After spending the afternoon wandering around the University, we caught a cab to the bottom of Boğaziçi Bridge where we met Nur for a dinner of "Kumpir" - baked potatoes with everything from pickles and ketchup to red cabbage, cous cous, and yoghurt - which in carts all down one block. We ate them in front of this mosque which looks like it used to be a church and then went back to Levent and found a sweet shop and bought an entire box full of different types of baklava. MM!

More Stone

Outside the old Victorian style buildings from the original college.

Feral Cats

There are feral dogs and cats all over the city, but Hakan said the University president has an affinity for cats and she doesn't allow dogs on the campuses, so they are everywhere. Here Alex thought it was amusing so many of them were at the shuttle bus stop.

The Boğaz

Alex, Me and Dad from a walkway along the edge of South Campus. There are four campuses fairly near to each other in Etiler. The North Campus is newer, and the South Campus is older and dates back to 1863 when the school was first started as the American Robert's College. In 1983 it was given back to the Turkish government and now has over 10,000 students, 70% of which are undergraduates.


The Bosphorus connects the Black Sea and the Marmara Sea which flows to the Mediterranean and makes Istanbul the only major metropolitan center on two continents in the world. It's not as wide as the opening beneath the Golden Gate Bridge and it seems to be constantly full of huge tankers, yachts, and tiny fishing boats.

This is the view from right outside the gates of North Campus of Boğaziçi, looking across to Asia and the less populated area of Istanbul, which has a total population of over 10 million people [2000 census].

Boğaziçi University

It's about a 10 - 15 minute walk from Hakan's apartment in Levent to the first campus at the University in the neighborhood Etiler where I'll be studying, and where Hakan goes. This is in front of Superdorm - where Hakan lived last year and I'll be next year. The campus is in the middle of the city and integrated into the urban environment around it so you can hardly tell you're at a school.


Dad and Alex in the dining area of the apartment around 3 am Turkish time. Nur asked us if we wanted a snack - which which ended up being a full meal. She made "böbek" - a potato and cheese dish with mint - "kebaps"-ground beef with spices wrapped in eggplant with tomato - and pilaf, as well as a cake with raisins, several kinds of local meats and cheeses and lots of hot tea with honey still in the honeycomb. We didn't get to bed until after 4 am - and didn't wake up until 4 pm the next day!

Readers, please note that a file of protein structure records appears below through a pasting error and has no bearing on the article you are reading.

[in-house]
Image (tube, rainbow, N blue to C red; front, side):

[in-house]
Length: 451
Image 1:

Istanbul or Constantinople?

We arrived at the Istanbul airport around 2 am Turkish time. We had some trouble getting visas, since it was so late they only took cash and we didn't have enough to cover the cost of a visa for each of us (I, stupidly, was only carrying Canadian). Fortunately for us, there was a kind man in line right behind us who lent us the money we needed and we'll mail him the rest, so we were able to walk into the country.

All of our bags made it, which was quite handy, and Hakan was there to meet us at the door! We were so happy to see him after so much time in travel mode. He got us a taxi ("taksi"), seatbelts optional, and we roared off into the Mediterranean night.

Hakan's apartment is in Levent on the European side of Istanbul, and his mother Nur came up from Izmir to be our host for a few days. We woke her up when we walked in at 3 am, but that didn't stop her from having a feast ready for us.

Airport Time

Since we did a lot of stitting around during our 32+ hours of travel, we took every opportunity to practice our airport yoga and stretch out. This picture Dad took with his new camera.

Heathrow Airport

Our flight from London to Istanbul was delayed so we ended up spending over 9 hours in the London airport. Much of it was spent horizontal on benches in a back terminal or seeing how far you could get during "Rhapsody in Blue."

San Francisco to London

Dad and I got to sit in the middle seats of a 747 all the way to London from San Francisco, over 10 hours in the air. It would have been better with about 6 extra inches, but we survived through three viewings of King Kong and two meals of airline food.

Thursday, June 01, 2006

The Introduction

In the beginning, there was a couple and they got together and had a girl and became parents, and later went on to reaffirm their parenthood with several other children. But back to the girl. She grew up and lived in the desert until one day she heard about a scholarship from Uncle Sam that would pay to send her to study in a foreign country.

She applied, and two years later, discovered that she was being sent to study Mechanical Engineering and Turkish at Bogazici University in Istanbul, Turkey.

This is the blog of that girl and her travels and travails.